Students will need more information for the first free response comparison question. Learning the historical and cultural circumstances of an artwork can be daunting. For this next step, I have students break into small groups to brainstorm a list of recurring themes we find that span various cultures and eras throughout art history. With each theme, students should consult the AP® artwork list and work together to create a comparison to be shared in the classroom if time permits, or in a shared study guide.  

To begin the brainstorm, I suggest a theme, such as the artistic representation of different religious beliefs, or different ideas about spirituality among different cultures. This could include the function and meaning of religious art in different eras. As an example, students can make a list of how deities are represented in different cultures. 

Other major themes include power and politics. Art depicts political conflicts as well as triumphs, and art can reflect a certain political ideology as a type of propaganda. How else is power depicted, and for what reasons? Still working in groups, students can now brainstorm examples of political art and the depiction of power in different cultures. They should make sure to think through the various artistic media and consider how some artworks are realistic narratives while others are abstract, so they can make sure to include a broad variety of types and styles. 

Art can also reveal social relationships or provide a social commentary. Family relationships are reflected in group portraiture among different cultures, and art can also explore socioeconomic identity, gender identity, issues of race, communal identity, or national identity, among other things. Here students can create another broad list of comparisons to discuss. Art also shows a strong relationship between humans and nature. This is an important topic that can generate an interesting class discussion. What other themes can students think of?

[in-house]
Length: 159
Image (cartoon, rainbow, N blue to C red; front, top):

Setting Your Students Up for Success 

Lastly, these AP® exam questions are timed, so the pace of writing is a key feature of the test, which makes these classroom discussions an important entry point into this first free response question. For the test, I suggest students spend the first 5 minutes thinking about their comparative examples, jotting down notes and an outline. Then they should spend the next 8–10 minutes (checking time with a watch) writing a detailed description and clear analysis of the first artwork, then 8–10 minutes for the second artwork, and finally a 5-minute summary comparison. Students should spend the last few minutes reviewing the question and writing a one-sentence conclusion. To help practice this pacing, I give an occasional 10-minute descriptive writing exercise, either of one artwork or a comparison, at the beginning or end of class. This allows students to practice their knowledge in small increments, and in a way that is easily integrated into the classroom.  

Art history is a fantastic discipline to learn, so studying for the AP® exam needn’t be a chore. It can include engaging group activities offered throughout the semester, where students take the lead in presenting their observations and ideas. Good luck! 

AP® is a trademark registered and/or owned by the College Board, which was not involved in the production of, and does not endorse, this product.